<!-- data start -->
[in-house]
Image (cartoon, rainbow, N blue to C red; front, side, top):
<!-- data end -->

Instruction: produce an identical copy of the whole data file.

[in-house]
Image (cartoon, rainbow, N blue to C red; front, side, top):